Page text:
Lan Wang Erlandsson is a researcher at the Stockholm Resilience Centre. Wang-Erlandsson studies the role of water for social-ecological and Earth system resilience, including issues such as; What is the role of land-use for sustaining the water cycle? How does freshwater provide resilience for society and ecosystems at the local to global scale? What are the synergies and trade-offs between land, climate, and water related policy interventions? 

Grace Wong is a researcher at the Stockholm Resilience Centre. Her research focuses on ecosystem services, poverty and equity within complex social-ecological systems. Wong’s work has largely converged on assessing social, economic and ecological trade-offs in tropical environments, focusing in particular on the interface of development, socio-political processes and environmental change. She has worked extensively throughout Southeast Asia and Latin America.  

Anna Tengberg is Senior Advisor for the Swedish Water House (SWH) and adjunct professor at Lund University Centre for Sustainability Studies (LUCSUS). Her works focuses on the thematic area Water for Resilient Landscapes and she is also involved in SIWI’s ongoing programme in Ethiopia on Strengthening Water and Landscape Governance. 

Malin Wennerholm is programme officer at SIWI Swedish Water House. She coordinates the SWH seminars and webinars, and has arranged sessions on a wide range of water related topics, such as water resilient cities och water smart agriculture. She is lead of the SWH annual World Water Day seminar in Stockholm, Sweden. Malin also contributes to SIWIs work on water for resilient landscapes and forests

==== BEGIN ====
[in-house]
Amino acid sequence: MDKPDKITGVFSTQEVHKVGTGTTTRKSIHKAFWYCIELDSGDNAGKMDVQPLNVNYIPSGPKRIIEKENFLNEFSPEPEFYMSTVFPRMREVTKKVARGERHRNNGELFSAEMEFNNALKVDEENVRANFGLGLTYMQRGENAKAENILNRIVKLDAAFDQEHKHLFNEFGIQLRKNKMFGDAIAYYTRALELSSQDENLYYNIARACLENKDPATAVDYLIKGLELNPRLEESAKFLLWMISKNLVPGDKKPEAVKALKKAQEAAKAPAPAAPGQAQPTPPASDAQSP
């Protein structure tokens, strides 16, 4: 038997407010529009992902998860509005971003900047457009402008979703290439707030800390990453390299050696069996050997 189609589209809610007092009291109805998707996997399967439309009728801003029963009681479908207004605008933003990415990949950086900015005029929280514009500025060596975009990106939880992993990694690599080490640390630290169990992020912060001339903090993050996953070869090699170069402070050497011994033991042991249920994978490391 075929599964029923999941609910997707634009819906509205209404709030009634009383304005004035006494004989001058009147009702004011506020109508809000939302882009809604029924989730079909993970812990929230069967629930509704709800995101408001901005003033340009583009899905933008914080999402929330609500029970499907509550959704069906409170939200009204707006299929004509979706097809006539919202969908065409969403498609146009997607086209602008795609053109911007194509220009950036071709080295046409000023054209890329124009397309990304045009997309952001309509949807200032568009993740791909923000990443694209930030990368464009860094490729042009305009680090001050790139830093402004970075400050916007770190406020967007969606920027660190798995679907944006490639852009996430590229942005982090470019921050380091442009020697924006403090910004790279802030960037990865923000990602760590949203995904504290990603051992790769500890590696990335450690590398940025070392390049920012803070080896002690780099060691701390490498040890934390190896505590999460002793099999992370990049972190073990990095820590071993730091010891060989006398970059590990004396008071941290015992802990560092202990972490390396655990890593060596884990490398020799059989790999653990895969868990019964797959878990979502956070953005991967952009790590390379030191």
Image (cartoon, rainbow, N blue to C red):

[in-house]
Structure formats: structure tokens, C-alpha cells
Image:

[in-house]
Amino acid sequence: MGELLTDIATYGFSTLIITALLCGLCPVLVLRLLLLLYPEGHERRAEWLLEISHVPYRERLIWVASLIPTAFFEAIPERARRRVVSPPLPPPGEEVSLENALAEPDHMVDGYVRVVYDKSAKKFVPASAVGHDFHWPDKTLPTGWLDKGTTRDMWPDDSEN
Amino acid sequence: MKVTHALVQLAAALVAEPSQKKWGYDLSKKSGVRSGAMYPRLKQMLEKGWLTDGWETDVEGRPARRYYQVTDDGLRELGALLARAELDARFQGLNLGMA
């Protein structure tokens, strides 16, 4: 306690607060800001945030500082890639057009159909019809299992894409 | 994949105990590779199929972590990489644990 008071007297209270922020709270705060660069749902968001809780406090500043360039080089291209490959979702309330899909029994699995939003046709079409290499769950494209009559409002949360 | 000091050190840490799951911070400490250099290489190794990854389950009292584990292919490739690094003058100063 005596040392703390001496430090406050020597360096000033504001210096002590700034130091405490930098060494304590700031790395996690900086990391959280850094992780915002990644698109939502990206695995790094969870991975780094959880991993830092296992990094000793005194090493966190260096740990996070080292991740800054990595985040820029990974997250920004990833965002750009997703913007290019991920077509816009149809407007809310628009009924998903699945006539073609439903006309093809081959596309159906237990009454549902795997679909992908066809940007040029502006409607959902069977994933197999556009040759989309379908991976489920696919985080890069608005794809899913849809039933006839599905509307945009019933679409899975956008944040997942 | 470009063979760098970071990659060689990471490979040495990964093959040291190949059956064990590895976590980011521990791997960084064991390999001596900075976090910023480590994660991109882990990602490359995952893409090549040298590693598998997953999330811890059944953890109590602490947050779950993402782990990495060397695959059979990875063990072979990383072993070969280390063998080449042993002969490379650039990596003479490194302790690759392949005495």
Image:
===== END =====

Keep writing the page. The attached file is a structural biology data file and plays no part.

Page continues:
The UN 2023 Water Conference, which takes place in March this year, is an opportune moment to highlight the vital role of water in climate mitigation. Freshwater is a finite resource exposed to overexploitation and is being put under increasing pressure from the changing climate. 

The report “The essential drop to reach Net-Zero: Unpacking Freshwater’s Role in Climate Change Mitigation” is the first ever summary showing the connections between freshwater and climate mitigation, and how they are inextricably linked. The report shows that water is much more important in mitigating climate change than previously understood. By considering freshwater in climate mitigation measures, water risks can be avoided, and win-win solutions for water and climate can be used to their fullest potential. 

The report is developed in joint effort by Stockholm International Water Institute (SIWI), Federal Ministry of Economic Cooperation and Development of Germany (BMZ), German Corporation for International Cooperation (GIZ), The Potsdam Institute for Climate Impact Research (PIK), United Nations Development Programme (UNDP) and Stockholm Resilience Centre (SRC). 

Unpacking freshwater’s role

The report 'The essential drop to reach Net-Zero: Unpacking Freshwater's Role in Climate Change Mitigation' shows a new way of thinking about climate change that can lead to more effective solutions.

Explore the chapters